The Fur’s Flying at the Guardian… and Tee Shirts in Gaza

This is a guest post by AKUS

The Guardian seems to have developed a strange interest in sartorial affairs in Israel and Gaza.

First, we had a rather unusual article by a vegetarian contributor, Seth Freedman, who has decided to make a stand against a community with which we would normally expect him to align himself with – the ultra-orthodox.

The sin the (male) members of this community are committing, despite the points Freedman might normally give them for their opposition to the Jewish state in which they (and he) live, is to continue to purchase and wear shtreimals – traditional hats lined with fur. The British are well known as a nation with an almost fanatical love of animals (and increasingly, a strong dislike of Israel and Jews exhibited by readers of the Guardian) so this topic is well within the mainstream, some editor at the Guardian apparently thought, of matters that might enthuse their reading public.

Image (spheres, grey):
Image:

Well, the first comments were somewhat disappointing, revealing an unusually accommodating view of another of Israel’s apparent transgressions – for example, from an old “friend” of ours:

It only went downhill (sorry … J) from there with a well-deserved crack at the author that somehow escaped moderation:

Roughly half the comments on this thread were deleted, so it’s really hard to know what got the readers worked up. It must have been a bit disappointing to have the usual efforts at bashing Israel brushed aside by a largely incredulous readership on this occasion.